I think other folks on here are right about if the symptom that caused the needs for the ostomy is solved, go for it. I did not have and IBS type issues, so going back made sense once I was fully healed from my second surgery.


Thanks for the update. Happy to hear you are improving. I am wondering if there is a big difference between a colostomy reversal and an ileostomy reversal? This is probably a stupid question and I usually Google these things. I'll check it out tomorrow morning when I am more bright eyed and bushy tailed. Anyway just wanted to say thanks for posting as I believe these types of post help those trying to make decisions about reversal if it's an option. jb


I had colon cancer at 21, had part of my colon taken out and resected, then chemo and the shotgun radiation they used back in the early 90's. Had annual colonoscopies and starting having more and more polyps taken out. Two years ago with the help of a geneticist we decided based on me having lynch syndrome to have my colon removed. My amazing surgeon took out my colon and hooked up my small intestine to what was left of my radiation damaged rectum (about half) thanks to my surgery when I was 21. She connected the small intestine to the side of my rectum to create a bit of a reservoir. I lived with the ileostomy for 7 months and hated every minute of it. I particularly couldn't get used to the lack of control and the constant worry the bag would disconnect during work, when I was away from home, etc. The output was typical for an ileostomy so very liquid and a lot in volume. Had the reversal in May '21 and as most have said, it's been challenging, particularly at first. Watery output, going a lot, butt pain, accidents, the whole shebang. But, as time goes on, while I still go a lot (like 10x a day), the output has improved significantly, the butt pain brought on by watery stools has become rare (say 2x a month now), and I have excellent control. Never have accidents outside the house and even at night I haven't had one for months. I've gone out to eat at restaurants several times and can go to bars and drink some. Now drinking does make the output more unpredictable, but even that has gotten better over time. I take metamucil and immodum 2x a day routinely and have lomotil for those times when it's super liquid.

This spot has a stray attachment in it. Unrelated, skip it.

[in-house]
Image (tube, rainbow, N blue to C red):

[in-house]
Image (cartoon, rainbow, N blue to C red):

So I seem to be the rare occurrence of someone without a colon who's been re-connected and can lead a pretty normal life other than having to use the potty every couple of hours. I have control over when I go and when I don't go, although sometimes I need to get to a potty within say a half hour, and I don't have to mess with an ileostomy anymore, which really jacked up my skin. I would get reversed again in a heartbeat.

Best of luck to you and whatever decision you make.

Reply to Justbreathe

Yes huge difference. Having any colon left at all greatly improves your return to "normal" since stool can work its way through the colon and have most liquids removed with greatly improves stool consistency, control, and how often you need to go. With no colon, like me, basically the volume you eat and drink is what comes out the other end. Much less liquid removed but I've found the small intestine has gotten better over time at removing some liquid and producing semi-normal looking stools.

Reply to Xndman

Thanks for your response. I guess I should spend less time on silly stuff and educate myself on the entire digestive system - and ostomies along with reversal surgeries. It seems the more posts I read on here the more confusion and questions I have. For example, you had a colostomy reversal and yet you no longer have a colon??? ;I thought a colostomy reversal meant they restore the works so the colon can function again. I must go read. jb

Reply to Justbreathe

If I posted colostomy reversal I really meant ileostomy reversal. I had an ileostomy after getting my colon removed while the hookup from my small intestine to my rectum healed. These are typically the most difficult reversals to manage, I feel very lucky to be as "normalish" as I am.